Check (a) with

A %*% A %*% A


For (b), the matrix B should display as the following:

> B
[,1] [,2] [,3]
[1,]    1    1    4
[2,]    5    2    8
[3,]   -2   -1   -4

5. Create a $6 \times 10$ matrix of random integers chosen from $1,2,\ldots,10$ by executing the following two lines of code:

set.seed(75)
m = matrix( sample(10, size=60, replace=T), nrows=6)


Use R to find the number of entries in this matrix which are greater than 4.

6. sum(m>4)

7. Create the following patterned matrices. In each case your solution should make use of the special form of the matrix -- this means that the solution should easily generalize to creating a larger matrix with the same structure and should not involve typing in all the entries of the matrix.

(a)   $\displaystyle{ \begin{bmatrix} 0 & 1 & 2 & 3 & 4\\ 1 & 2 & 3 & 4 & 0\\ 2 & 3 & 4 & 0 & 1\\ 3 & 4 & 0 & 1 & 2\\ 4 & 0 & 1 & 2 & 3 \end{bmatrix}}$   (b)   $\displaystyle{ \begin{bmatrix} 0 & 1 & 2 & 3 & 4 & 5 & 6 & 7 & 8 & 9\\ 1 & 2 & 3 & 4 & 5 & 6 & 7 & 8 & 9 & 0\\ \vdots & \vdots &\vdots &\vdots &\vdots &\vdots &\vdots &\vdots &\vdots &\vdots &\\ 8 & 9 & 0 & 1 & 2 & 3 & 4 & 5 & 6 & 7\\ 9 & 0 & 1 & 2 & 3 & 4 & 5 & 6 & 7 & 8 \end{bmatrix}}$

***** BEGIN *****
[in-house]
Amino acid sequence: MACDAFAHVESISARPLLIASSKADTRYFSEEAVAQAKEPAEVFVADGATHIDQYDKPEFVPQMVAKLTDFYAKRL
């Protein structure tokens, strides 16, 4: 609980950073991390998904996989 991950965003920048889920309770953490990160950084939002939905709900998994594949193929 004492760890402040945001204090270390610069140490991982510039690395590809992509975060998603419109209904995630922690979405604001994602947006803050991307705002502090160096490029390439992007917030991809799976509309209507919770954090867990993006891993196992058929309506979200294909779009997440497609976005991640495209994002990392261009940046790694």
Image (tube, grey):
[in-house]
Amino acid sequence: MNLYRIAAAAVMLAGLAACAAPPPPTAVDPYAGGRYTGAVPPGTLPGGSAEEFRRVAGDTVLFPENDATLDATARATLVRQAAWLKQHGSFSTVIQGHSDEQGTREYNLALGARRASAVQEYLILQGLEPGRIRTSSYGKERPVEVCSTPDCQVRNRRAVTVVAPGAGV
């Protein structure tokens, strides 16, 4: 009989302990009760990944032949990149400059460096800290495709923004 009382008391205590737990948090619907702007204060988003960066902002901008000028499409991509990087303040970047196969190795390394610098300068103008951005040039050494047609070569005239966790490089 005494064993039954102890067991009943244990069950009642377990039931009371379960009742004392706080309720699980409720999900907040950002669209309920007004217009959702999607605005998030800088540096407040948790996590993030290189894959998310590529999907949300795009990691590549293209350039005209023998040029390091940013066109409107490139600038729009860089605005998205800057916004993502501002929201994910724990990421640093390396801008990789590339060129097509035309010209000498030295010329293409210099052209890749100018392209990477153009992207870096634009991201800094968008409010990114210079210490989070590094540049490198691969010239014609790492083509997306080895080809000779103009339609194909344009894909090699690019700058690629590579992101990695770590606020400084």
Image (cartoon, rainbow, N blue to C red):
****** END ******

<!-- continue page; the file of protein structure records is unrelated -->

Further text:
(c)   $\displaystyle{ \begin{bmatrix} 0 & 8 & 7 & 6 & 5 & 4 & 3 & 2 & 1\\ 1 & 0 & 8 & 7 & 6 & 5 & 4 & 3 & 2\\ 2 & 1 & 0 & 8 & 7 & 6 & 5 & 4 & 3\\ 3 & 2 & 1 & 0 & 8 & 7 & 6 & 5 & 4\\ 4 & 3 & 2 & 1 & 0 & 8 & 7 & 6 & 5\\ 5 & 4 & 3 & 2 & 1 & 0 & 8 & 7 & 6\\ 6 & 5 & 4 & 3 & 2 & 1 & 0 & 8 & 7\\ 7 & 6 & 5 & 4 & 3 & 2 & 1 & 0 & 8\\ 8 & 7 & 6 & 5 & 4 & 3 & 2 & 1 & 0 \end{bmatrix}}$

Hint: Use the outer() function and the %% operator.

8. Use R to calculate the following sums:

(a) $\displaystyle{\sum_{i=1}^{20} \sum_{j=1}^5 \frac{i^4}{(3+ij)}}$     (b) $\displaystyle{\sum_{i=1}^{10} \sum_{j=1}^i \frac{i^4}{(3+ij)}}$

(a) 89912.02;   (b) 6944.743

9. Suppose one wishes to simulate how frequently a new dam will overflow, which depends on the number of rainy days seen in a row. We might start by making observations over some sequence of consecutive days of whether each day was rainy (R) or sunny (S). What we observed is shown below.

RRRRRRRRSSSSSSSRSSSSSRSSSSRRRRRRRRRRSRRRRSSSSSS


It appears that exactly half of the days observed were rainy. As such, one might try to simulate similar data by essentially "flipping a coin" for each day so that the chance that it rains on any particular day is 50%. This would be easy to do in R with the following:

s = sample(c("R","S"),size=28,replace=TRUE,prob=c(0.5,0.5))
paste0(s,collapse="")


Below is some data simulated in this way:

RRRSSSRRRRSSSRRRSRSRRRRSSSRSSRRRSRSSSSSRRSSRRRS


Notice how the simulated sequence doesn't look quite like the actual observed data. In the original data, there are long sequences of R's and S's, while the observed data has much shorter sequences. Granted, this is just one sequence, so additional observations and simulations are made. Strangely, the same pattern is seen in these as well. The observations always seem to have longer subsequences of R's and S's than the simulated data.